Researchers at Michigan State University may have discovered why visceral pain is so common in people who have experienced inflammation in their guts, including patients with irritable bowel syndrome, or IBS.
Working with mouse models, MSU physiologists showed that nervous system cells known as glia can sensitize nearby neurons, causing them to send pain signals more easily than they did prior to inflammation.
“So, something that wasn’t painful is now painful,” Gulbransen said. “It’s like when you put on a shirt after getting a sunburn.”
This discovery could help researchers develop therapies to lessen or eliminate visceral pain by counteracting the glia’s sensitizing efforts.
Currently, no medicines on the market are designed to act directly on glia, but pharmaceutical companies are investigating that approach, Gulbransen said.
The team’s work offers new information that could help tap into that potential, but it also comes with an important caveat.
The team didn’t exactly measure pain. Rather, what they observed was connected to something called nociception.
Nociception is essentially the signals the nervous system sends in response to physical stimulus. Pain is related but also includes how our brains interpret those signals.
“In general, nociception is pain, but you can have one without the other,” said Gulbransen, who works in the Department of Physiology. “It’s a little bit of a funny distinction between the two, but it becomes important when extrapolating results from animals to people.”
Still, Gulbransen is excited by his team’s finding.
“The major thing here is that it suggests a new mechanism contributing to pain in the gut,” he said. “And visceral pain is the most common gastrointestinal issue.”
Listening to ‘silent’ cells
The enteric nervous system, the part of the nervous system running through our gastrointestinal tract, is an important but often overlooked part of our anatomy. In fact, it’s been nicknamed our second brain.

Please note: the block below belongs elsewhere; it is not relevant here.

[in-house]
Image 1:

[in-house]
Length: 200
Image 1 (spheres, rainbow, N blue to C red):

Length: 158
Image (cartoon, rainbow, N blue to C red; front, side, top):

So perhaps it’s not surprising that “important but often overlooked” also aptly describes glial cells in the gut.
Unlike neurons, glia are not electrically active. As researchers developed and refined techniques to probe neurons, the same methods weren’t effective for investigating glia.
“If you tried to record electrical signals from glia, it was just noise. Nothing interesting happened,” Gulbransen said. “Glia were sort of ignored as these silent, passive cells.”
It turns out, however, that glia are very active chemically. That is, they react to many different compounds in the body, and they can release different biochemicals in response.
With the advent of new analytical tools and techniques, researchers have become better equipped to observe these cells. Gulbransen’s team took advantage of advances in genetic and chemical techniques to monitor glial cells before and after inflammation in the gut.
“Normal glia in a healthy gut do not change nerve fiber sensitivity,” Gulbransen said. “But inflammation triggers a change.”
The team discovered that, when exposed to inflammation, glia began releasing compounds that altered the chemistry of the gut and sensitized nerve fibers.
The investigation was spearheaded by Wilmarie Morales-Soto, who earned her doctorate working on this project in Gulbransen’s laboratory. She’s now a postdoctoral research fellow at the Mayo Clinic.
Moving forward, Gulbransen and his team are eager to explore looming questions related to visceral pain.
For example, data show that females are more likely to experience visceral pain than males. Early life adversity, including stress and trauma, can also make people more susceptible to visceral pain.
Glia are implicated in both situations and learning more about them could help innovate new ways to treat gut pain.